Although I agree that there is a place for conventional surgery, radiotherapy, and chemotherapy in the treatment of cancer, I also believe that the areas of nutrition and detoxification are relatively ignored. Not only are we exposed to many more chemicals in our present environment but currently accepted nutritional guidelines that are promoted to the public are not clear and easily misunderstood. Individual variability is ignored by health care industry directed clinical guidelines attempting to make one-size-fits-all. I believe that the practice of medicine today is about 20% science and 80% good judgment. A case in point would be trying to quantify and identify the quality of spirituality and its importance in promoting health.
 
The initial section is entitled “The Journey Begins.” This summarizes my thoughts in lay terms and also gives an idea of my professional opinion that has developed after experience with Donna and others during my career. A good way of approaching this book is to first look at this section which can be used as an overview prior to the other sections.
The next part of this book presents Donna’s story in her own words. Not only does this show her progress as she tries various alternative methods, but it also displays the psychosocial aspects as she fights for her life. This is a portrayal of her private life with which many can identify.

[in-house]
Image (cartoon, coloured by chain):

I then follow this very personal story with my doctoral dissertation. This gives my medical version of Donna’s case study. Presenting the original dissertation afterword gives a scientific background and references to the line of thinking used in studying in Donna’s particular case. My extensive experience with conventional medicine and surgery and my doctoral degree in natural medicine allows me to give an educated, unbiased, and balanced view with an attempt at a scientific explanation. The original purpose of the dissertation attempted to identify the effectiveness of the various methods used by Donna. The focus of the paper changed as it developed, supporting a holistic approach to her recovery. Chapter 4, “Results and Findings” and Chapter 5, “Conclusions” give a good summary of the data collected and reviewed in the scientific analysis of Donna’s illness and recovery.
 
It may be helpful to then look at the section “The Journey Begins” another time. Basically, not only does this serve as a summary but I hope will also spark curiosity. Curiosity is felt to be an integral characteristic of the clinician-scientist. Using this trait, serial observation over the years leads to experience. Good judgment comes from experience.
 
I hope the spark of curiosity will be ignited in patients and medical professionals that may look at this material. General ideas can then be expounded in looking at other cases and the overall picture of health. Conventional medicine does not need to compete with complementary and alternative methods. Neither is all encompassing or complete on its own. Basically, the road to good health involves both sides of the fence.